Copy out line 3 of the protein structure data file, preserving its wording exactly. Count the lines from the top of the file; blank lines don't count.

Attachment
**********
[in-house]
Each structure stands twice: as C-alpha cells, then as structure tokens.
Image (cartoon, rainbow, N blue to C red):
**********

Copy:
Image (cartoon, rainbow, N blue to C red):